It actually makes me confused why there is so much emphasis on a short term TEFL certificate. Is someone going to tell me that anybody with a TEFL certificate who has no cultural, second language and teaching experience is better than one who has all of these without a short term TEFL certificate? It is only a point of view of course.

Once again, thanks for the information.
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spiral78



Joined: 05 Apr 2004
Posts: 9364
Location: On a Short Leash

PostPosted: Tue Dec 14, 2004 3:10 pm    Post subject: Reply with quote

A 120-hour on-site course offering supervised teaching practice and an introduction into second language learning theory and method gives a new teacher a big headstart in terms of standing before a class. When you say 'short' course, you seem to mean a 40-hour course with no practicuum. Not comparable.
Further, I've seen teacher-trainees on courses who have already taught for a year before taking the course. Their starting point is very often not higher than those with no experience at all -
You may be a fine, talented teacher, but a practical course will only add to your value as a teacher.
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ps2_machine



Joined: 29 Apr 2004
Posts: 22
Location: korea

PostPosted: Tue Dec 14, 2004 4:09 pm    Post subject: Reply with quote

I don't claim to be superman, and I certainly have less experience than those who have taught ESL for many years. In fact, teaching ESL is not my first career choice. In fact, I am not in the ESL industry now. However, I am sure I can learn a lot more (from courses, from other teachers, from more experience, reading on other people's experiences in websites, etc).

I meant a short course as 80 hours in length, or about that. Certainly by no means they are a BA or DipED or MA. Am I right about this?

Another note, I am happy to get responses from you all. Everyone is helpful and friendly.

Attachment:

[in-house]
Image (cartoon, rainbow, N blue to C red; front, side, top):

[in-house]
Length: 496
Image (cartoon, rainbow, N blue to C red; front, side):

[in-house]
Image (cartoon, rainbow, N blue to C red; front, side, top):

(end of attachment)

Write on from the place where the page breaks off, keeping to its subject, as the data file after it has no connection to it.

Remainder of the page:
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Gregorio



Joined: 17 Aug 2004
Posts: 105

PostPosted: Fri Dec 31, 2004 7:34 am    Post subject: Reply with quote

Just want to add my thoughts to the possible disrespect shown to a challenging TEFL course. I took a CTEFL course in Rome. It was definitely worth it.

I also took this course with a person who had already taught English in Japan for three years. Of all the students, she was the only one with "professional" English teaching experience, but she didn't have a TEFL certificate or any other teaching credentials. She was also the most nervous and terrified person taking the course. This was because she had never been anlayzed as a teacher with such intense scrutiny until the TEFL course.

A 120 hour, intensive TEFL course forces you to be on your toes and productive in all aspects of teaching. Sure, it's only a month long, but it's a month with hardly a social life or any other thought that isn't related to the TEFL course. Every waking moment I was thinking about this course... and I wasn't alone.

OK... i'm done ranting.
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carte blanche



Joined: 01 Dec 2004
Posts: 2
Location: With my toes in the Rubicon

PostPosted: Thu Jan 06, 2005 5:01 am    Post subject: re: Australians TEFL in Italy? Reply with quote

Thanks riachelini for the details of your experience on the working holiday visa. I wonder if "the bureaucracy" will have a better idea of what is going on now that the visa has been in operation for a year?!
My main concern as someone wanting to teach english on the working holiday visa is the 3 month restriction on work with a single employer. When you finally got your work permit arranged, did it carry this stipulation? ie. Was the 3 month regulation enforced?
Thanks again for your earlier contribution.
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carte blanche



Joined: 01 Dec 2004
Posts: 2
Location: With my toes in the Rubicon

PostPosted: Thu Jan 06, 2005 5:19 am    Post subject: Reply with quote

hey riachelini -just re-read your original message (I made my post quite a long time after reading it) and realised that by putting 'the bureaucracy' in inverted commas it looks like I'm some complete tosser intent on drawing attention to your ealier error. No no no! It's just that I find the idea of bureaucracy strange (imagine so much activity all grossed towards preventing activity) despite the infuriation it causes.
Egad! Why cannot I express myself clearly?